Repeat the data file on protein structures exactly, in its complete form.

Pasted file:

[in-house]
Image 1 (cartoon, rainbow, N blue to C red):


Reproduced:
[in-house]
Image 1 (cartoon, rainbow, N blue to C red):